Is Smolt the Key to Counting Linux Users?
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Linux users are not an easy bunch to profile or to count. Many Linux users download the operating system for free and never perform any kind of systems registration to enumerate their hardware.
That's where Smolt may be able to help fill the gap. Smolt is an open source hardware profiling technology that is already being used by Red Hat's Fedora and is set for inclusion in the upcoming Novell OpenSUSE 11.1 release.
Ubuntu is currently considering Smolt as well.
With Smolt Linux distribution might be able to get a better grip of what users are running and how many users they have. "Smolt is fairly accurate for where it is used, which is to say, at least today, primarily Fedora users," Ted Ts'o, Linux Foundation Fellow and chief platform strategist, told InternetNews.com.
"There are plenty of enterprise Linux users that won't use Smolt today, simply because it is not there, and if it was shipped with an enterprise Linux distribution, many enterprise Linux servers are behind firewalls, and thus would not be counted for Smolt," Ts'o added.
The Smolt effort began at Fedora back just prior to the Fedora 7 release as an opt-in profiling tool that lets Fedora know what hardware users have in addition to knowing the installed base number.
At the time, then-Fedora Project Leader Max Spevack noted that he had been in discussions with Novell about Smolt being included with OpenSUSE. Those discussions have now led to Smolt being part of the upcoming OpenSUSE 11.1 release.
"I just did an OpenSUSE beta 4 install today and sent my hardware profile up using smoltGui," Joe 'Zonker' Brockmeier openSUSE Community Manager told InternetNews.com.
Novell's OpenSUSE isn't the only one that is looking at Smolt. Ubuntu Chief Technology Officer Matt Zimmerman told InternetNews.com that his developers have been in contact with Smolt developers.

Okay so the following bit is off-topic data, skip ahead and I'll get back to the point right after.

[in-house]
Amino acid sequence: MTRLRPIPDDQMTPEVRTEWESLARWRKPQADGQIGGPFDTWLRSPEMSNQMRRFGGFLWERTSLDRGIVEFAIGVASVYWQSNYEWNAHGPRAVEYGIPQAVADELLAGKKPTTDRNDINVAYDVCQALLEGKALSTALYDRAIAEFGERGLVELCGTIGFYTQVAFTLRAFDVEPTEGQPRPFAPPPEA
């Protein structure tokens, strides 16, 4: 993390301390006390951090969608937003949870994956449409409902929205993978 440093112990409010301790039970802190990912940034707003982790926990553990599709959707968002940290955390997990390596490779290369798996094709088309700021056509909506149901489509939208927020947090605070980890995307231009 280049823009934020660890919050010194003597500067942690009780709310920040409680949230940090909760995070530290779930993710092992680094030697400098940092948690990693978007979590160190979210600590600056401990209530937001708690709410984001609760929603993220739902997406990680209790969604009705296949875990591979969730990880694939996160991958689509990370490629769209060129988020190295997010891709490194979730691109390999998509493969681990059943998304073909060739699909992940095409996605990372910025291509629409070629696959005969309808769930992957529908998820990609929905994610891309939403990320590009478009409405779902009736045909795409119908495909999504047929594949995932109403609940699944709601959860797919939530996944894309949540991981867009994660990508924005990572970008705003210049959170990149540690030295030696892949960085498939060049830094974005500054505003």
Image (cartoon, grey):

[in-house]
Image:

"We're exploring ways we can collaborate to our mutual benefit," Zimmerman said. "We are not currently shipping Smolt in Ubuntu."
Ubuntu founder Mark Shuttleworth, however, noted that Ubuntu has a tool that pre-dates Smolt and has been included in Ubuntu for some time. Shuttleworth claimed that Ubuntu already has a database of user hardware platforms running Ubuntu.
The idea of a large multi-distribution effort to improve hardware compatibility is one that is appealing to Red Hat's current Fedora Project Leader, Paul Frields.
"It's absolutely a good thing whenever distributions work together to improve the overall coverage of hardware in Linux," Frields told InternetNews.com. "I'm glad to hear Ubuntu is considering it as well, because Smolt is completely free and open source software, and offers an excellent way for Linux distros to see what hardware their users employ."
Smolt could also potentially be a tool for counting the total number of users for a given platform, though that's not its ideal use case. The Linux Foundation's Ts'o noted that Smolt probably wound not be that great for counting Linux users as a whole.
Fedora's Frields agreed, noting that Smolt is probably not as good for counting users as it is for counting proportional use of hardware across the user base.
"We prefer to count users with other methods, which we document on our wiki openly and transparently," Frields said.
One of the methods used by Fedora for counting users is by tracking IP addresses that hit it update servers. It's a method that isn't entirely accurate either for a number of reasons. One reason is that users could be behind firewalls and without unique IP addresses.
"This is one of the major challenges for Linux distros -- trying to estimate exactly how many people are using the distros," OpenSUSE's Brockmeier said. "You can get a sense of the user base, but actual hard numbers are not easy to come by."